KUWAIT: The health ministry has instructed its medical centers and hospitals that it has not raised medical fees for expatriates recently, after the increase which was implemented in October last year. The ministry insisted in a circular to senior officials that only doctors have the absolute right of prescribing medicines and their quantities to expatriate patients and that no changes had been made to these rules. The circular also insisted that the ministry had not increased the prices of drugs for expatriates or the charges at hospitals and medical centers.
The health ministry last October introduced major fee hikes for medical services offered to expatriates, but kept the services free for nationals. The increases included big hikes in several key medical services that include radiology, visits to hospitals and medical centers and admissions in public hospitals. All expatriates in the country are also required to pay a medical insurance fee when they stamp their residence permits or renew them.
In a related development, head of the National Assembly committee for the replacement of expatriates MP Khalil Al-Saleh yesterday said that reducing the number of expatriates in the country, who have topped three million, has become a “popular and government demand”. He said that this goal should be fulfilled by dismissing expatriate workers who are not qualified, especially those in government jobs, because they constitute a burden on the country.
Saleh however said the panel does not support sacking highly-skilled expatriate workers and those with long experiences, especially in fields where there are not sufficient Kuwaitis. The lawmaker said any decision on foreign workers should exclude people with rare expertise even if they reach the age of 65. The committee was set up by the Assembly to press the government to speed up measures to replace expatriate employees in the government with Kuwaiti graduates.
In another development, conflicting reports emerged yesterday over plans to impose value added tax (VAT) decided by the Gulf Cooperation Council (GCC), which has asked the six member states to apply the five-percent tax any time this year. Saudi Arabia and UAE already began imposing it from January. Finance Minister Nayef Al-Hajraf told reporters that he expects the Assembly to approve the VAT draft law at the start of the next term in October. The minister said that although the draft law was sent to the Assembly with urgency, he said he does not believe it will be approved in this term, which ends next month.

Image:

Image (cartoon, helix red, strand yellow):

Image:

But head of the Assembly budgets committee MP Adnan Abdulsamad said yesterday that the panel was informed by the finance ministry that it has delayed plans to impose VAT till 2021. He however said the ministry called for speeding up plans to impose selective excise duty on cigarettes and power and soft drinks, whose prices were raised by 50 to100 percent by GCC states. The lawmaker said the ministry believes that introducing these selective taxes will earn state coffers some KD 200 million a year.
Abdusamad said that the ministry’s projections for taxes and charges in the budget of 2018/2019 are KD 551 million, an increase of 11 percent from the previous year. He said total revenues are projected at KD 15 billion including KD 13 billion in oil revenues, adding that although oil prices have rebounded, there are fears they may drop again.
Hajraf also said it is important for GCC countries to keep abreast of swift global economic development through uniform economic visions. Addressing a one-day meeting of the GCC Financial and Economic Cooperation Committee held in Kuwait yesterday, Hajraf called on GCC countries to harness all capabilities and potentials to fulfill the objectives of GCC leaders by creating a strong economic bloc able to vie with other global economic groups. This meeting is considered a means and tool for attaining Gulf economic cooperation and translating GCC directives into action programs and turning ambitions into tangible reality, he said.
GCC Secretary General Abdullatif Al-Zayani lauded Kuwait’s sincere efforts to cement and consolidate Gulf integration and cooperation among GCC member states in various fields. He pointed out the never-ending and fruitful efforts of the GCC ministers of finance in line with the GCC leaders’ directives, with a view to promoting inter-Gulf cooperation and establishing the basics of the Gulf economy.
By B Izzak